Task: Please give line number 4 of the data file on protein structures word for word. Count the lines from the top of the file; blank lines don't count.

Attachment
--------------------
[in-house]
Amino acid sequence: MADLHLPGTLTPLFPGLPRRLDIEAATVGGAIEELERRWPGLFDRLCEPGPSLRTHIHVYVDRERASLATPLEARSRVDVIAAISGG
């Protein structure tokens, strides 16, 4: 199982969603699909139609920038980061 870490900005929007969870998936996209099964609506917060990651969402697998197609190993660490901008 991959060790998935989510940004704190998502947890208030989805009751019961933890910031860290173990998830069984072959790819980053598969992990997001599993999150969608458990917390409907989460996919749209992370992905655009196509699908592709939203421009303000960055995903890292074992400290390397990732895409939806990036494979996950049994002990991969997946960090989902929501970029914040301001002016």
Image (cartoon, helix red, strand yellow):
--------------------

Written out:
Image (cartoon, helix red, strand yellow):